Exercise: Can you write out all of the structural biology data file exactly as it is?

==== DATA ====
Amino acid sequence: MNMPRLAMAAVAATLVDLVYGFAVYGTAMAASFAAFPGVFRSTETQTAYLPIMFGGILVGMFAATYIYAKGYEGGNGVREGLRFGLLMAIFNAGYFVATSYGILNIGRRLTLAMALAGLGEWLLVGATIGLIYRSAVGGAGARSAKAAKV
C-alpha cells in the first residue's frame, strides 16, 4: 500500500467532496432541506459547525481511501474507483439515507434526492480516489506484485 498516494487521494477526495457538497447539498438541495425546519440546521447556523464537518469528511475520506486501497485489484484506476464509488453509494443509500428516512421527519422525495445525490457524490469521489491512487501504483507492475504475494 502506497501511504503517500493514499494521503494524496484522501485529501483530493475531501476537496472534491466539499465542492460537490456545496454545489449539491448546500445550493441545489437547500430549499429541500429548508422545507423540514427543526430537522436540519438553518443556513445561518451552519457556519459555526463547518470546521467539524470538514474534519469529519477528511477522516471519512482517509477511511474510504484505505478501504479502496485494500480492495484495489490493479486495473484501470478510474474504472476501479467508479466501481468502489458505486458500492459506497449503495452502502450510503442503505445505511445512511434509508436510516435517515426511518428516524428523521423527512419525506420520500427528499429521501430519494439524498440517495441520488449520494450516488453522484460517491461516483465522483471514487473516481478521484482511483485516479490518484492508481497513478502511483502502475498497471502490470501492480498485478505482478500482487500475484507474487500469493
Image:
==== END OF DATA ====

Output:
Amino acid sequence: MNMPRLAMAAVAATLVDLVYGFAVYGTAMAASFAAFPGVFRSTETQTAYLPIMFGGILVGMFAATYIYAKGYEGGNGVREGLRFGLLMAIFNAGYFVATSYGILNIGRRLTLAMALAGLGEWLLVGATIGLIYRSAVGGAGARSAKAAKV
C-alpha cells in the first residue's frame, strides 16, 4: 500500500467532496432541506459547525481511501474507483439515507434526492480516489506484485 498516494487521494477526495457538497447539498438541495425546519440546521447556523464537518469528511475520506486501497485489484484506476464509488453509494443509500428516512421527519422525495445525490457524490469521489491512487501504483507492475504475494 502506497501511504503517500493514499494521503494524496484522501485529501483530493475531501476537496472534491466539499465542492460537490456545496454545489449539491448546500445550493441545489437547500430549499429541500429548508422545507423540514427543526430537522436540519438553518443556513445561518451552519457556519459555526463547518470546521467539524470538514474534519469529519477528511477522516471519512482517509477511511474510504484505505478501504479502496485494500480492495484495489490493479486495473484501470478510474474504472476501479467508479466501481468502489458505486458500492459506497449503495452502502450510503442503505445505511445512511434509508436510516435517515426511518428516524428523521423527512419525506420520500427528499429521501430519494439524498440517495441520488449520494450516488453522484460517491461516483465522483471514487473516481478521484482511483485516479490518484492508481497513478502511483502502475498497471502490470501492480498485478505482478500482487500475484507474487500469493
Image: